New York — Shipments of traditional PDAs continued to slump, down 28.5 percent worldwide, according to IDC.
In a wider view of the category that includes e-mail-centric PDAs such as the BlackBerry 8700 series, sales, however, grew 28.4 percent in the United States in 2006 and 18.4 percent worldwide, according to Gartner Dataquest. IDC’s data does not include the BlackBerry.
Traditional PDAs declined because their core features, such as personal information management is now available on high-end cellular phones and smartphones, said IDC analyst Ramon Llamas. He added, “The proliferation of notebook computers with embedded wireless Wi-Fi has also allowed users to remain connected while on the go, further reducing the demand for handheld devices. Finally, GPS devices have gained momentum in the marketplace, and also negatively impacted handled devices.”
IDC said Palm’s shipments declined by 28.3 percent worldwide last year, although it retained the lead in traditional PDA sales with a worldwide share of 36.3 percent, stable with last year’s share of 36.1 percent. HP and Dell’s market share’s remained virtually stable at 22.1 percent and 9.0 percent, respectively, with HP’s shipments declining 30.4 percent and Dell’s down 33.4 percent. Mio’s share grew almost 4 percent, to 8.1 percent, and shipments increased 29.2 percent, while Sharp saw a 4 percent gain in market share, to 5.4 percent, and a 275.7 percent gain in worldwide shipments.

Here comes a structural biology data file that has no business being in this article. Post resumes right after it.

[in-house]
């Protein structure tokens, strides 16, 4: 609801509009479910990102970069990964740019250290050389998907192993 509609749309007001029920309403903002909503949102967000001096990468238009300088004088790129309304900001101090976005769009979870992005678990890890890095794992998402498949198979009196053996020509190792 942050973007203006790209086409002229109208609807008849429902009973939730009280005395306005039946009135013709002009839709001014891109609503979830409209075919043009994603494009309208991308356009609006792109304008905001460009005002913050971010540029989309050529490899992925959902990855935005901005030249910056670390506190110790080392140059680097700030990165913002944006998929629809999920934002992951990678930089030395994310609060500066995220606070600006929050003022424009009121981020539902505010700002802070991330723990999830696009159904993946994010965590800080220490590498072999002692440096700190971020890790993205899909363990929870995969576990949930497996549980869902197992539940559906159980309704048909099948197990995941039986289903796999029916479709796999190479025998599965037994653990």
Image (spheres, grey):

Looking at the broader market including BlackBerry, Gartner said that Research in Motion led in market share in 2006. It increased shipments by 10 percent over 2005, with a 20 percent share of the total PDA market.
Worldwide: PreliminaryPDAVendor Shipment Estimates, 2006 (Units)
Note: Excludes smartphones, such as Treo 750 and BlackBerry 8100 series, but includes cellular PDAs such as BlackBerry 8700 series.
Source: Gartner Dataquest (January 2007)